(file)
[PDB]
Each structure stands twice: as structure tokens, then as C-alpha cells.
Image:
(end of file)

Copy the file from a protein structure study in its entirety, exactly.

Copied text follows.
[PDB]
Each structure stands twice: as structure tokens, then as C-alpha cells.
Image: